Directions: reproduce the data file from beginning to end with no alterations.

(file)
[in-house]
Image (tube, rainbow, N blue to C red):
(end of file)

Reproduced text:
[in-house]
Image (tube, rainbow, N blue to C red):